We, the fruit on this fruit hat, adore our pillar/God. We adore you, Carmen Miranda, who holds us up. Who carries us. We are your burden, but you never complain. You never falter. You are so much greater than all of us.

If we were anything other than fruit, we would worship you by setting up a hundred blogs. We would dedicate them to you, our pillar/God. But, we, unworthy, are merely fruit and have no fingers with which to blog.

We can only sing. So, we sing to our pillar/God. We sing to our pillar/God because we cannot worship her in blog form.

Friday, December 16, 2005


In between L and M, there is a letter. The alphabet has another letter in it.

That letter appears in a surprisingly large number of words. You see that letter quite a lot. It's all over the language.

That letter floats behind words, you see? And it's only just sort of visible. It's only sort of fuzzy, too.

That letter changes the meaning of every word it floats behind. See, so a word means something. And then, you type that letter behind it, and it means something slightly different.

Slightly different, but different enough. It adds a significant nuance. It shades the word in a certain way.

It says, "Do you suppose?" to every word behind which it hovers.

It's important, you know?

And, I can't seem to find the combination of hot keys on my computer to make that letter. But, like, I need that letter to say what I really want to say. And so, no blogging.

Wednesday, December 14, 2005


I am an inventor and my time is money, money, money. No, I won't be blogging for you! Don't ask.

I am an inventor, and I'm working on a new way to brake a bicycle.

(I like to ride a bicycle.)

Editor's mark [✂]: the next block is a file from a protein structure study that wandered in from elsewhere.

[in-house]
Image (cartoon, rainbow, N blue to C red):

The brake shoes are shaped like people. They are men and they are women—some of each. They desire to be with the wheel. But, they are repressing their desire for the wheel.

The grip, though, makes the walls built around their desire split and crash and turn to dust on the ground around them. The grip brings the brake shoes together with the wheel.

And, briefly, they are happy. They are without shame. They are in the moment, unrestricted. They are happy. They stop your bicycle.

And then they feel shame. And then they retreat. And your bicycle moves on.

Sadly, they don't know that on the opposite side of the wheel, they have a rival.

Sadly, they don't know that the wheel only desires its turning, and its connection to the pavement. It is only humoring the silly, repressed brake shoes.


Today is the birthday of Amy Hempel. She wrote this sentence:

"The house next door was rented for the summer to a couple who swore at missed croquet shots."

Thursday, December 01, 2005


The very last bottle rocket in the pack is the one that begs, and I mean begs, you to set it off in your hand.

The very last bottle rocket in the pack is in the plastic, just aching to move. Just aching.

The very last bottle rocket in the pack is ready to go. Ready, ready, ready.

The very last bottle rocket in the pack wants you to pick it up (you, drunk, stupid you) and it wants you to light it with the very last match in the pack (the sad, stupid, probably wet, bent one), and it wants you to hold it, and wait.

Oh, wait.

Wait for the moment. Wait for the fuse to hit the powder.

Wait for the very last bottle rocket to go. And jump from your little, pale hand.

Drunk, stupid you.